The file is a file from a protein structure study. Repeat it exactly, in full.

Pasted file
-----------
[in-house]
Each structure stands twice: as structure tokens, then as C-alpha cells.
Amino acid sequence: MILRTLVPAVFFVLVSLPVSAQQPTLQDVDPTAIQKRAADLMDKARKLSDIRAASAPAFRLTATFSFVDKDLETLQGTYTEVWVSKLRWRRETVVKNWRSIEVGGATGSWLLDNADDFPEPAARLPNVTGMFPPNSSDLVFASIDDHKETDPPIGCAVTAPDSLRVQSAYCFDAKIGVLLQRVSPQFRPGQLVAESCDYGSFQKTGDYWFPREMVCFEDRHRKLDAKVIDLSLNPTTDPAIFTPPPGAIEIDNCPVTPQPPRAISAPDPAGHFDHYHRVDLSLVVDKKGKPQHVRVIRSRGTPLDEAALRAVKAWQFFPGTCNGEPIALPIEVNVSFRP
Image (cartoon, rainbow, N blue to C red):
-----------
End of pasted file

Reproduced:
[in-house]
Each structure stands twice: as structure tokens, then as C-alpha cells.
Amino acid sequence: MILRTLVPAVFFVLVSLPVSAQQPTLQDVDPTAIQKRAADLMDKARKLSDIRAASAPAFRLTATFSFVDKDLETLQGTYTEVWVSKLRWRRETVVKNWRSIEVGGATGSWLLDNADDFPEPAARLPNVTGMFPPNSSDLVFASIDDHKETDPPIGCAVTAPDSLRVQSAYCFDAKIGVLLQRVSPQFRPGQLVAESCDYGSFQKTGDYWFPREMVCFEDRHRKLDAKVIDLSLNPTTDPAIFTPPPGAIEIDNCPVTPQPPRAISAPDPAGHFDHYHRVDLSLVVDKKGKPQHVRVIRSRGTPLDEAALRAVKAWQFFPGTCNGEPIALPIEVNVSFRP
Image (cartoon, rainbow, N blue to C red):